I can usually identify why I liked a film straight off. In this case, I can’t. While I pore through this incredibly sad film in my head, I still have to review it so here goes. Let me tell you what it is.
“A boy seeks the help of a tree monster to cope with his single mother's terminal illness.” -IMDB
Patrick Ness, Patrick Ness
Fri 06 Jan 2017 UTC
IMDB Rating: 7.5
Here, we are in a boy’s dreams though are not revealed as such. In fact, we aren’t sure through the course what is dream and what is reality. Perhaps he’s a sleepwalker for all we know. This is an open-ended film in terms of interpretation. I read something yesterday that claimed the tree was cancer. I wonder. A recent film I liked that did a similar “open-ended” technique was Birdman.
Is there really a Birdman? Is there really a tree? What am I really seeing here? What is the purpose?
If riddles like this interest you as much as they do me, this film is for you. Films like this do not expect to be exactly understood, instead, they invite emotion and tone into the viewer experience. That becomes the meaning.
The acting is superb. There is really nothing child-like here or crafted for kids. There is a lot of amazing artwork reminiscent of the storytelling scenes in Kubo and the Two Strings. The boy and his mother are both artists, it is their bond to be as such. While I’m on the topic, the relationship between dying mother and son is tear-jerking, almost gut wrenching. I wonder why the film seemed aimed at kids with such sad grown-up themes here.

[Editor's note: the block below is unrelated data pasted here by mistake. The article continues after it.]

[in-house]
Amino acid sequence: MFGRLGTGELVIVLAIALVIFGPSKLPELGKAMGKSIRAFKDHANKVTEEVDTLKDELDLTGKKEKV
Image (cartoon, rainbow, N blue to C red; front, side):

I thought the film was about the stages of grief but as the film progressed I realized it’s a more personal message than that. This book must have been written by someone who went through loss and used the tree monster as a vehicle to explained what must be learned through death. Yes, the theme is death.
There is much to be gained from going to this movie. IT might be helpful to someone who loses a parent or other loved one, but I’m not sure. Perhaps it would be better used for therapists and friends who have not experienced the loss to understand what the sufferer is going through. Without giving it away, I’ll leave you with my recommendation but only if you know going in these are grown up concepts that kids won’t truly get unless you have a hot chocolate with them afterward and dialog. Having said that, now that I’ve explained the theme of death and dark serious tone, I wholeheartedly recommend this for anyone. I liked it the same way you like sour candy, one of the sour low points of life we all experience and can not escape.